While Google, Uber, and (reportedly) Apple plunge ahead with plans to design self-driving cars, one tech giant has been noticeably absent from the conversation: Microsoft.
For longtime tech-watchers, that might seem a bit unusual in light of the company’s previous partnerships with the auto industry. For example, Ford and Microsoft joined forces nearly a decade ago to co-develop in-vehicle infotainment systems (which eventually hit the market under the brand name SYNC). Given its history and software expertise, Microsoft seems like a natural for autonomous-vehicle research.
According to Microsoft executive Peggy Johnson, speaking at the Converge technology conference this week, the company has no plans to build its own autonomous vehicle, although it will contribute software to the self-driving industry: “We would like to enable autonomous vehicles and assisted driving as well.”
Those comments come a day after Tesla CEO Elon Musk suggested at Vox Media’s Code Conference that Apple could eventually become his company’s primary competition in the electric-car arena—but not for many years: “I don’t think they’ll be in volume production until 2020.”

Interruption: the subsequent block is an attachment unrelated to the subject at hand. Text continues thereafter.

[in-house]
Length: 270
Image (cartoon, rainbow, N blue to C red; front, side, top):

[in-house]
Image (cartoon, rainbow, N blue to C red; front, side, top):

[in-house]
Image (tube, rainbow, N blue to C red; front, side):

Combine that with Google’s recent partnerships with automobile companies—including its agreement to install autonomous-driving technology inside the next generation of Fiat Chrysler’s Pacifica mini-vans—and it’s clear that some of the world’s biggest tech titans view the car industry as the next ripe target for “disruption.”
Faced with that potential competition (not to mention the enormous expense of manufacturing four-wheeled hardware), it seems that Microsoft is going back to its old playbook: build software for others. The car becomes just another application hub, similar to a phone or PC. At least at this point, Microsoft doesn’t want to spend the time and money building a sophisticated system capable of steering a two-ton vehicle through the modern city; but it will offer the humans in those vehicles the ability to work on a document or watch a movie while they wait to arrive at their destination.
For app-makers, Microsoft’s entrance into the autonomous driving space may represent yet another opportunity to build for a new ecosystem. But the existence of such an ecosystem hinges on self-driving cars succeeding with consumers.